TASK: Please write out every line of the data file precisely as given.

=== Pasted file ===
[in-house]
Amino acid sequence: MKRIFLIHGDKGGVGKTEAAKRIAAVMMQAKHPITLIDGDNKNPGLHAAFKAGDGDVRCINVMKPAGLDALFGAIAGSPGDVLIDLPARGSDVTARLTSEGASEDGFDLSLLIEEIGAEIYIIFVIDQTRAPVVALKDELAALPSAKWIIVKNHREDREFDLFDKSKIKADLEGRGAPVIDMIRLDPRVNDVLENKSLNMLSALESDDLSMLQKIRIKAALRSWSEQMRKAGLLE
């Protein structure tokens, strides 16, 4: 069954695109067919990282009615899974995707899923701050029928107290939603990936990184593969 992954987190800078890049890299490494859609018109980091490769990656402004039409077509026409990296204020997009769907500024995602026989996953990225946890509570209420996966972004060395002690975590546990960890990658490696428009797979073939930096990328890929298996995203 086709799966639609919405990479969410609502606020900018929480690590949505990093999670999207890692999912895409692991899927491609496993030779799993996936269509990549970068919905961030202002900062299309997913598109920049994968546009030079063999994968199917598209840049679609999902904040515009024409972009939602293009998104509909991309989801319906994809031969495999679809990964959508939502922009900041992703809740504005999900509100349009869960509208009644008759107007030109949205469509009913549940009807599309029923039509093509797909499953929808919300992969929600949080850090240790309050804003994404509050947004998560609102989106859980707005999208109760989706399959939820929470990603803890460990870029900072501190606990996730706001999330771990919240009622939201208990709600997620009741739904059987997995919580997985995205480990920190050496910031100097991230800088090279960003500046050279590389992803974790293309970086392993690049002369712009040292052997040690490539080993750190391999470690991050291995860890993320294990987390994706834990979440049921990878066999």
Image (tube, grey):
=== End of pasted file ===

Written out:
[in-house]
Amino acid sequence: MKRIFLIHGDKGGVGKTEAAKRIAAVMMQAKHPITLIDGDNKNPGLHAAFKAGDGDVRCINVMKPAGLDALFGAIAGSPGDVLIDLPARGSDVTARLTSEGASEDGFDLSLLIEEIGAEIYIIFVIDQTRAPVVALKDELAALPSAKWIIVKNHREDREFDLFDKSKIKADLEGRGAPVIDMIRLDPRVNDVLENKSLNMLSALESDDLSMLQKIRIKAALRSWSEQMRKAGLLE
């Protein structure tokens, strides 16, 4: 069954695109067919990282009615899974995707899923701050029928107290939603990936990184593969 992954987190800078890049890299490494859609018109980091490769990656402004039409077509026409990296204020997009769907500024995602026989996953990225946890509570209420996966972004060395002690975590546990960890990658490696428009797979073939930096990328890929298996995203 086709799966639609919405990479969410609502606020900018929480690590949505990093999670999207890692999912895409692991899927491609496993030779799993996936269509990549970068919905961030202002900062299309997913598109920049994968546009030079063999994968199917598209840049679609999902904040515009024409972009939602293009998104509909991309989801319906994809031969495999679809990964959508939502922009900041992703809740504005999900509100349009869960509208009644008759107007030109949205469509009913549940009807599309029923039509093509797909499953929808919300992969929600949080850090240790309050804003994404509050947004998560609102989106859980707005999208109760989706399959939820929470990603803890460990870029900072501190606990996730706001999330771990919240009622939201208990709600997620009741739904059987997995919580997985995205480990920190050496910031100097991230800088090279960003500046050279590389992803974790293309970086392993690049002369712009040292052997040690490539080993750190391999470690991050291995860890993320294990987390994706834990979440049921990878066999």
Image (tube, grey):